Across the country, the COVID-19 pandemic has significantly impacted the justice system.  In many State and Federal courts, jury trials have been suspended and court hearings are limited to only criminal and emergency civil matters.  Yet the Bankruptcy Courts, given the unique role they play in times of financial distress, are largely open for business, relying on electronic filing and conducting hearings by teleconference.  While a number of businesses may consider filing for bankruptcy protection as a result of the pandemic, the recently enacted fiscal stimulus programs might prevent a rash of bankruptcy filings in the short term.  For now, the COVID-19 pandemic is having the greatest impact on existing bankruptcy cases, with many financing deals abandoned and bankruptcy sales cancelled.

The recent bankruptcy of Modell’s Sporting Goods may provide a blueprint for what to expect in pending bankruptcy cases, particularly with “brick and mortar” retailers and restaurant chains.  Modell’s filed for bankruptcy protection on March 11th, before the public health orders were issued that shut down businesses and encouraged the public to remain at home.  Initially, Modell’s had intended to conduct “going out of business” sales at all 134 of its stores through April 30th.  Despite obtaining approval from the bankruptcy court, the state and local “safer at home” orders prevented Modell’s from conducting the sales as planned.

As a result, Modell’s filed an emergency motion on March 23rd making the extraordinary request to suspend its bankruptcy case for 60 days.  Specifically, the motion sought to defer mandatory payments to many creditors (including landlords), and prohibit creditors from seeking relief from the bankruptcy court during the suspension.  Two days later, Judge Papalia acknowledged that “this is a whole new world,” and indicated he would provide some relief at the continued hearing on March 27th.  At that hearing, Judge Papalia entered an order temporarily suspending the bankruptcy case until April 30th, deferring non-essential expenses, extending deadlines during the suspension, but allowing parties to seek relief based on exigent and unforeseen circumstances.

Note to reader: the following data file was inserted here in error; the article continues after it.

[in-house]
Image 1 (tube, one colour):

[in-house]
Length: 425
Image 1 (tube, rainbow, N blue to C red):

Given the significant impact of COVID-19 on the economy and the financial system, existing corporate debtors may determine they are better served by seeking to suspend their bankruptcy cases for the time being.  Such requests will have substantial impacts on creditor rights set forth in the Bankruptcy Code, including payments and enforcement against collateral.  As for companies approaching insolvency, they may be able to avoid or at least delay bankruptcy by taking advantage of the various federal, state and municipal laws meant to address the economic fallout of the pandemic or by negotiating forbearance agreements with creditors.

In these challenging times, business leaders will benefit from advisors with experience responding to periods of economic decline and financial distress.  With over twenty lawyers, Buchalter has one of the largest financial restructuring and insolvency practices on the West Coast.  We represent financial institutions and businesses across a range of industries in all aspects of pre-bankruptcy workouts and bankruptcy cases nationwide.  During the Great Recession, Buchalter’s Insolvency and Financial Law group helped many clients navigate a similar period of financial distress and we are here to once again assist our clients through the rough waters ahead.

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